The company continues to dramatically reduce its expense structure. We will achieve a $100 million reduction in our annual expense run rate by the end of Q4 and we will work very hard to deliver somewhere between $50 million and $100 million in additional savings over the coming fiscal year through improvements in our business processes, sales productivity and hard work; that’s significant.

The company dramatically increased both income from operations and earnings per share from a year ago. EPS was up almost 20%; again, that’s significant.

The company has invested in technology and in talented people and we are poised to become, once again, a growth business; that’s significant.

We are improving our execution and we will be able to deliver on the investments we’ve made in the business and in people. As I previously said, we are in the process of completing planning for fiscal year ‘09 and will comment on it further on the year end call in May.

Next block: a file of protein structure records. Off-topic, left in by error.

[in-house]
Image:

Donna.

Donna Ventimiglia

Thanks, Pete. From a products perspective, we are very pleased with our performance in the third quarter and are particularly encouraged by the level of total product activity during the period: 43% sequential and 21% year-over-year increases in total product commitments for the quarter is a clear indicator that the changes we have made to the sales organization are working.

As anticipated, with these changes has come an improved account focus and coordination opening up new opportunities, particularly as they relate to potential distributed deals within traditional mainframe accounts. We’re working very hard to identify and close down on these opportunities, and we are already seeing results in this regard.